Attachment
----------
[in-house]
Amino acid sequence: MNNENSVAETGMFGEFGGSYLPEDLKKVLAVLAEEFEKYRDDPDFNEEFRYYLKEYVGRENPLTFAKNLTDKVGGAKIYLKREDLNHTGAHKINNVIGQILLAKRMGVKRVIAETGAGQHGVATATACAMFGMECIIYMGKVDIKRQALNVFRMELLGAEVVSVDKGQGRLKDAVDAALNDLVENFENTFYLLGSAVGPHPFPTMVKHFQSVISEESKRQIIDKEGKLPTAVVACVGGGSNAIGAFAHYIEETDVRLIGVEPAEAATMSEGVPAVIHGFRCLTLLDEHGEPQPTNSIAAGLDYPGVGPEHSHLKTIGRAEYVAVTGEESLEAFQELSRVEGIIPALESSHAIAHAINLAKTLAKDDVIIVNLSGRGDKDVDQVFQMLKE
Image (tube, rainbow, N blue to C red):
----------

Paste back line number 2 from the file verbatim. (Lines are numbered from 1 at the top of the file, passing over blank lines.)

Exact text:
Amino acid sequence: MNNENSVAETGMFGEFGGSYLPEDLKKVLAVLAEEFEKYRDDPDFNEEFRYYLKEYVGRENPLTFAKNLTDKVGGAKIYLKREDLNHTGAHKINNVIGQILLAKRMGVKRVIAETGAGQHGVATATACAMFGMECIIYMGKVDIKRQALNVFRMELLGAEVVSVDKGQGRLKDAVDAALNDLVENFENTFYLLGSAVGPHPFPTMVKHFQSVISEESKRQIIDKEGKLPTAVVACVGGGSNAIGAFAHYIEETDVRLIGVEPAEAATMSEGVPAVIHGFRCLTLLDEHGEPQPTNSIAAGLDYPGVGPEHSHLKTIGRAEYVAVTGEESLEAFQELSRVEGIIPALESSHAIAHAINLAKTLAKDDVIIVNLSGRGDKDVDQVFQMLKE